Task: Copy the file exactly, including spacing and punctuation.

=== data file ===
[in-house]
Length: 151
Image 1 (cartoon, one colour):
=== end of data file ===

[in-house]
Length: 151
Image 1 (cartoon, one colour):